Li et al. used a mouse model of early gestation to evaluate the effects of various doses of fruit extracts of D. superbus on embryo number and growth [75]. Mice in the gestation period were intragastrically administered various doses (8.5, 17, and 34 g/kg) of the extract once a day, and fruit extracts of D. superbus showed obvious effects on early pregnancy in mice. The fruit extract of D. superbus at the three doses increased the abortion rate in a dose-dependent manner. The anti-pregnancy effects of the fruit may be mediated by a reduction in pregnancy ketone levels, which prevents normal development of the decidua [75, 76]. Wang et al. acquired methyl 3,4-dihydroxybenzoate from D. superbus, using an in vivo mouse (pregnancy) uterus spontaneous life record as a model [38]. The result indicated that 200 μg/kg methyl 3,4-dihydroxybenzoate excited the pregnant uterus, which was monitored by uterine smooth muscle contraction strength and amplitude [38]. Guo et al. used in vitro rat and in vivo rabbit uterus models to investigate the synergistic effects of the extracts and prostaglandin E2 [77]. The experimental results indicated that alcohol extracts excited uterine smooth muscles more when combined with the drug, and the degree of contraction in the treatment group (4.33 ± 2.19 cm) was significantly higher than that before administration. Therefore, the ethanol extract of D. superbus has an obvious excitatory effect on the uterus of anesthetized free in vivo rats and the isolated peroneal muscle strips of rats. These studies show that Dianthi herba can stimulate the uterus, which is consistent with its traditional use in China to treat amenorrhea.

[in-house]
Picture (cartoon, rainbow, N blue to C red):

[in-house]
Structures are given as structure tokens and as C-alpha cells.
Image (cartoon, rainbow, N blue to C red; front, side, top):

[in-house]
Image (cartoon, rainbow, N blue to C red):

Antimicrobial activity

The antimicrobial activity of various Chinese herbs against Chlamydia trachomatis in the urogenital tract was tested in a previous study, and the results showed that Qumai decoction exhibits high sensitivity and a minimum inhibitory concentration (MIC) of < 2 mg/mL. Furthermore, the volume and quantity of Chlamydia inclusions decreased gradually with increasing Qumai decoction concentration, and finally disappeared. Chlamydia trachomatis growth was found in the blank control pores, but not in the negative control wells [78]. Antimicrobial experiments with several strains were used to compare the plant-based cyclopolypeptide (XIII) from D. superbus with the standard drug, griseofulvin. Cyclopolypeptide (XIII) exhibited potent activity against the pathogenic fungus, Candida albicans, with an MIC of 6 µg/mL [79]. Moreover, the inhibitory effects of ethanol and water extracts of D. superbus on the activities of Shigella dysenteriae, Bacillus cereus, and Vibrio cholerae were studied. The MIC was 6.25–12.550 mg/mL, and the minimum bactericidal concentration (MBC) was 12.525–12.550 mg/mL. The results showed that the ethanol and water extracts of D. superbus had positive inhibitory effects on S. dysenteriae, B. cereus, and V. cholerae [10].

These studies show that Dianthi herba has antibacterial effects, but most of these studies have been carried out in vitro, and it is necessary to use modern technology to study the potential mechanism of action and to translate the in vitro and in vivo research findings into clinical applications.

Other effects